Statistical analysis

Each experiment was conducted in triplicate. The data from all the experiments were presented as means ± standard error of the mean. The statistical comparisons between respective control and treatments were calculated using one-way ANOVA, P < 0.05 which was considered to be statistically significant.


   Results Top


Cytotoxicity of Clinacanthus nutans extract and fractions on different cancer cell lines

Ca Ski, NCL-H23, HT-29, HCT116, MCF-7, Hep G2 cancer cells and CCD-18Co were treated to determine the cytotoxic effects of C. nutans extract and fractions using MTT assay. Different concentrations of CNEE, CNHF, CNEAF, and CNAF ranging from 3.125 to 400 μg/mL were used in treatment. All the IC50 values are calculated and summarized in [Table 1]. [Figure 1] shows that CNEAF exhibited greater growth inhibitory effect on all the cancer cell lines when compared to others. Among the treated cell lines, CNEAF showed the most potent cytotoxic effect on human colon cancer HCT116 cells with the lowest IC50 value of 48.81 ± 1.44 μg/mL. In addition, CCD-18Co, a human normal colon cell, used as a representative of normal cells showed IC50 value of greater than 200 μg/mL. Thus, CNEAF was selected for further investigations on apoptosis induction in HCT116 cells.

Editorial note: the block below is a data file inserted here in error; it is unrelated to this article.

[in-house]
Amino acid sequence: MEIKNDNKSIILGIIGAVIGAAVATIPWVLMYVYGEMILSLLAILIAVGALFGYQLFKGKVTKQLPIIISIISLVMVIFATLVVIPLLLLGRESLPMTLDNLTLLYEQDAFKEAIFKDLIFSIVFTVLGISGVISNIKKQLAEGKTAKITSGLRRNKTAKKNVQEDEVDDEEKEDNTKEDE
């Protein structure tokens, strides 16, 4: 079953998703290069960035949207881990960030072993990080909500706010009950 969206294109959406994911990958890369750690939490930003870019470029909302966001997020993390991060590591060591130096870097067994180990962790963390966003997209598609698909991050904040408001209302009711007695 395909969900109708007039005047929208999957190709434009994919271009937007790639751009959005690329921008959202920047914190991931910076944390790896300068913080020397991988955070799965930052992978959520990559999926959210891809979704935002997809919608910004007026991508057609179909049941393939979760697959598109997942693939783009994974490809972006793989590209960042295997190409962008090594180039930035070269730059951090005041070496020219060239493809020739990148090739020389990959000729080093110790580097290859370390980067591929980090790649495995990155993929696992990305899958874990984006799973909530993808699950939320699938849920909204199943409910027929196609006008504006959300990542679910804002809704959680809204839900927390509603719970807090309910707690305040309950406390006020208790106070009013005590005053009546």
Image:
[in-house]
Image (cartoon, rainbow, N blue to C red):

Table 1: IC50 values of the extract and fractions of Clinacanthus nutans in different types of cancer and normal cell lines

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Figure 1: Cytotoxic effect of Clinacanthus nutans extract and fractions against various cancer cell lines. (a) Bar chart shows the cell viability percentage of cell lines when treated with different concentrations of Clinacanthus nutans ethyl acetate fraction for 72 h. (b) Line graph represents the cytotoxicity of ethanol extract of Clinacanthus nutans, Clinacanthus nutans hexane fraction, Clinacanthus nutans ethyl acetate fraction, and Clinacanthus nutans aqueous fraction against HCT116 cell line. (c) Line graph demonstrates the time-dependent cell viability of Clinacanthus nutans ethyl acetate fraction-treated HCT116. The data are represented as mean ± standard error of three independent experiments (n = 9). *P < 0.05